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Series: It's an Old World After All (2 entries)

In our sixth BioLogos videocast, we take a look at the age of the Earth. We explain four methods scientists have used to determine that age: tree ring, lake varve, radiometric, and seafloor spread dating, and also offer some theological insight on how an old earth can fit with the first chapters of Genesis.

 

What evidence do we have for evolution besides fossils and genes?

Scientists have found multiple lines of evidence for evolution, not just one or two. These types of evidence are independent of each other, coming from sources as different as ancient fossils and modern genetics labs. Evidence also comes from comparing the anatomy of creatures living today. All creatures with four limbs (whether mammals, birds, or reptiles) have the same bone structure in each limb, pointing to their descent from a common ancestor. More evidence comes from biogeography. Isolated islands are missing common species found on the mainland, but are filled with many unique species that can be related by a common ancestor. Finally, evidence comes from embryonic development. As an embryo of a mammal grows, its heart develops through stages similar to fish, amphibians, and reptiles. God’s creation declares the history of life in many different ways. All these ways are pointing to a consistent picture of God creating through evolution.

 

What scientific evidence do we have about the first humans?

In recent decades, scientists have discovered more about the beginnings of humanity. The fossil record shows a gradual transition over 5 million years ago from chimpanzee-size creatures to hominids with larger brains who walked on two legs. Later hominids used fire and stone tools and had brains as large as modern humans. Fossils of homo sapiens in east Africa date back nearly 200,000 years. Humans developed hearths for fire, stone points for spears and arrows, and cave paintings by 30,000 years ago. By 10,000 years ago, humans had spread throughout the globe. Genetic studies support the same picture. Humans share more DNA with chimpanzees than with any other animal, suggesting that humans and chimps share a relatively recent common ancestor. Also, the same defective genes appear in both humans and chimps, at the same locations in the genome—an observation difficult to explain except by common ancestry. Genetics also tells us that the human population today descended from more than two people. Evolution happens not to individuals but to populations, and the amount of genetic diversity in the gene pool today suggests that the human population was never smaller than several thousand individuals. Yet all humans, of all races, are descended from this group. Humanity is one family.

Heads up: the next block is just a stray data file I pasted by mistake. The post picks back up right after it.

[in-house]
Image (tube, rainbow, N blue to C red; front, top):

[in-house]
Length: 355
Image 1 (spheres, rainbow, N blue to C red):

What is the genetic evidence for evolution?

Darwin developed his theory of evolution by looking at scientific evidence available in the mid-1800s. Since then, the whole field of genetics has developed, adding a powerful independent line of evidence in support of evolution. Genes show how the physical traits of living things are handed down and modified from one generation to the next. By comparing the DNA of many organisms, scientists can map the relationships between species. This map is in remarkable agreement with Darwin’s predictions. The structure of chromosomes and particular genetic sequences point to the conclusion not just of common design, but common descent as well.

 

Navigating the Crises

In this video, Brian McLaren discusses the idea of surrogate arguments, in which a debate over one thing is really a means for arguing something completely different. According to McClaren, the argument over the age of the earth is one such argument.

 

Genesis and the Genome

This article provides an overview of genomics evidence for common ancestry and hominid population sizes, and briefly discusses the implications of these lines of evidence for scientific concordist approaches to the Genesis narratives.

 

How are the ages of the Earth and universe calculated?

Many independent measurements have established that the Earth and the universe are billions of years old. Geologists have found annual layers in glaciers that can be counted back 740,000 years. Using the known rate of change in radio-active elements (radiometric dating), some Earth rocks have been shown to be billions of years old, while the oldest solar system rocks are dated at 4.6 billion years. Astronomers use the distance to galaxies and the speed of light to calculate that the light has been traveling for billions of years. The expansion of the universe gives an age for the universe as a whole: 13.7 billion years old.
(Updated April 16, 2012)

 

What does the fossil record show?

Fossils provide a unique view into the history of life by showing the forms and features of life in the past. Fossils tell us how species have changed across long periods of the Earth’s history. For instance, in 1998, scientists found a fossil showing an animal at the transition from sea creature to land creature. This tetrapod had a hand-like fin, confirming a prediction of evolutionary biology. Though the fossil record does not include every plant and animal that ever lived, it provides substantial evidence for the common descent of life via evolution. The fossil record is a remarkable gift for the study of nature.

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